Men are also more likely to die from the disease – 63 per cent of all the deaths have been in men. The study does not discuss why this is although some experts believe that high smoking rates among men in China – around 52 per cent – could be one reason for the disparity.

Another interesting statistic is how the death rate has fallen as the outbreak has progressed. For those who contracted the coronavirus before December 31 – when the first official notification of this new disease was made – the death rate was 14.4 per cent. It then went up to 15.6 per cent for those who became ill between January 1 and and 10 but then fell away quite rapidly to 0.8 per cent for those who contracted the disease after February 1.

However, there is a huge caveat to this statistic. The figures only go up to February 11 so would not capture anyone who died after this date. The first European fatality, a Chinese tourist, was admitted to hospital in France on January 25 and his death was announced on February 15 – so there can be a significant time lag between disease onset and death. 

And only the most severe cases were being found at the beginning of the epidemic so there was a "huge bias" towards the most severe cases, says Dr Ryan from the WHO.

At the beginning of the swine flu epidemic the case fatality rate was around 20 per cent before plummeting once all the mild cases had been found.

He added that health staff in Wuhan were also refining their practices, for example by prioritising patients with underlying disease.

"The falling fatality rate is a mixture of having better and better interventions and finding more mild cases," he said. 

What about health workers?

The study looks at the heavy toll the outbreak has taken on health workers – 1,700 have been diagnosed with the disease and five have died. It says no ‘super-spreading’ events have taken place in hospitals – that is where a single individual disproportionately infects many others – but does not clarify what it means by this. Super spreading events have been a feature of other coronavirus outbreaks.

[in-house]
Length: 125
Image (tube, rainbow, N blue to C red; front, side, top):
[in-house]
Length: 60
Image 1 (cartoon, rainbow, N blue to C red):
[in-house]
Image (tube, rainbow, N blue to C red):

But it also shows that fewer health workers are now being infected – this may be because infection control policies have been tightened up.

Are the number of cases still growing?

Over the last week or so the WHO has said that the number of daily cases seems to be stabilising but it has warned repeatedly that the outbreak could go in any direction. This study shows that the number of new diagnoses peaked around February 2 when there were around 3,500 new diagnoses, compared to 2,500 on February 11.  

The paper puts the fall down to China’s aggressive containment policies – but it is worth remembering that the CDC is a government agency. The report states: “Isolation of whole cities, broadcast of critical information… with high frequency through multiple channels and mobilisation of multi-sector rapid response teams is helping to curb the epidemic.”

However, it also warns that the disease could “rebound”. WHO director general Dr Tedros Adhanom Ghebreyesus also urged caution when presenting the figures.

“This trend must be interpreted very cautiously. Trends can change as new populations are affected. It’s too early to tell if this reported decline will continue. Every scenario is still on the table,” he said.

Prof Gray agreed.

“As China resumes normal work and school activities ... one would anticipate that Covid-19 infections will likely increase, at least initially and eventually plateau. My concern is what will happen with the world case count if the virus becomes entrenched in other countries with large cities with dense human populations.”

Does the study shed more light on where the disease emerged?

The study says that the epidemic curve – that is, the trajectory of the outbreak – is consistent with the theory that Covid-19 began in the Huanan seafood wholesale market. There were a few cases from the same source at the beginning but then, as the disease started to spread in the human population, there were multiple new sources of infection later. But it still cannot point to the animal which first spread the disease. 

Protect yourself and your family by learning more about Global Health Security. And sign up to our weekly newsletter here